From Circle of Blue (Brett Walton):
In Colorado, rivers flow not only down mountain slopes but beneath them, across them, and through them.
Nearly four dozen canals, tunnels, and ditches in the state move water out of natural drainages and into neighboring basins. Some snake across high passes. Others pierce bedrock.
All manmade water courses, meant to supply farming, manufacturing, or household use, eventually become so familiar they become part of the landscape. But old infrastructure can come to life in different form. Recently, Gov. John Hickenlooper cast renewed attention on water supply and growth in the West with a decision in a long-running process to expand a Colorado River diversion.
That diversion is the Moffat tunnel which supplies water to Gross reservoir. From its western portal at the base of Winter Park’s ski slopes the 80-year-old conduit, blasted through layers of gneiss, granite, and schist, sends water from west-flowing Colorado River tributaries to Gross reservoir, east of the Continental Divide.
Denver Water, the public utility that owns Gross reservoir, wants to triple its capacity in order to secure water for one of the country’s fastest growing big cities. The $US 380 million project, under state and federal review since 2003, gained Gov. Hickenlooper’s endorsement on the last day of June, a week after it collected a key state water quality permit. The final piece will be a dredging permit from the U.S. Army Corps of Engineers.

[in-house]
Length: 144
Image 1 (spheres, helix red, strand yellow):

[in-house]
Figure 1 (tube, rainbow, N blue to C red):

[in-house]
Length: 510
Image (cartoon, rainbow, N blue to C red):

The Gross reservoir expansion reflects a fundamental tension for the seven states and two countries that share the Colorado River: how many more diversions can the stressed basin tolerate? The watershed is drying but states in the upper basin still plan to pull more water out of the river. Whether they should — and how much — is a matter of constant debate.
“The challenge becomes reconciling the ability to develop water with the reality that you are assuming a ton of risk,” James Eklund, director of the Colorado Water Conservation Board, told Circle of Blue..
A Game of Risk
Some observers say that the risk threshold has already been crossed. A group of respected academics calling themselves the Colorado River Research Group argued in a 2014 paper that the basin must strive to use less water, not more. “Any conversation about the river that does not explicitly acknowledge this reality is not helpful in shaping sound public policy,” they wrote.
Eklund said he understands the sentiment behind the call for restraint. However, Colorado’s constitution is set up, he said, to protect the right to develop water.
“The state is not going to call balls and strikes and say whether a project is a good investment,” he said. “You take it at your peril. You assume the risk.”
The upper basin is starting to think about those risks. Like the lower basin, it is participating in the pilot conservation program. Most of its projects are located in Colorado and Wyoming. The goal is to prop up Lake Powell with the saved water.